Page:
Alliums are a large group of plants that include leeks, onions and garlic. They are found growing predominantly throughout the cooler regions of the Western Hemisphere. Although alliums are grown largely for their use as a food crop, there are many varieties of allium which are grown purely for their ornamental attributes. Varieties like the star of Persia (allium christophii) and giant allium (allium hollandicum) produce distinctive globe-shaped lilac-purple flowers which make for excellent flower arrangements, both fresh and dried. Alliums are relatively easy to grow from seed, although germination can be lengthy depending on the variety you are planting.
Gathering and Preparing Allium Seeds
Gather the seed heads off allium plants. Cut each head off, leaving approximately 2 inches of stem. Do this in the fall, from September through October, as suggested by the Gardener's World website.
Place the seed heads into a paper sack, or spread them out into sheets of paper to dry, for approximately 10 to 14 days. If you use sheets of paper, make sure they are in a place where they will not be disturbed.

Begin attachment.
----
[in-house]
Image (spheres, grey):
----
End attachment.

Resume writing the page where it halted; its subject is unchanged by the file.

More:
Remove the seeds from the flowers heads by tapping the stem with your finger.
Fill up a basin or bowl with about 2 to 3 inches of water. Put the allium seeds into the water to check on the viability of the seeds. Discard all seeds that float, but retain all the seeds that sink. You can use an aquarium net to scoop out the floating seeds.
Place the allium seeds onto paper towels to air dry for about one day.
Planting Allium Seeds
Scoop a soil-less seeding mix into a seed-starting tray or flat. A soil-less mix will contain peat moss, vermiculite or perlite, sand and sometimes a little lime and compost. For best results, make sure the mix is also sterilized.
Sow the allium seeds generously across the surface of the mix in the tray or flat. You can pinch a bunch of seeds together between your thumb and index finger, or if you prefer, use a pair of tweezers or forceps for a more accurate planting. Space the allium seeds 1/4 inch to 1/2 inch apart.
Press the allium seeds about 1/8 of an inch into the seeding mix using a spoon or a small piece of wood.
Put the tray where it will remain at approximately 70 degrees F for three weeks. Check on the tray at least once a day. Do not over-water the allium seeds so they become sodden wet, but keep them moist by misting the seeding mix with a fine mist of water as needed.
Transfer the tray after three weeks has passed and place it in a location where the temperature will not go below 50 degrees F or above 70 degrees F. Leave the tray in this location during the remainder of the germination period. Depending on what variety of allium you are growing, germination can begin in about one year.
Things You Will Need
- Allium seeds
- Paper bag
- Aquarium net
- Seed starting tray
- Soil-less seeding mix
- Spray bottle
- According to the University of Maryland Fact Sheet on Alliums, most allium grown from seed will begin flowering in about two to three years.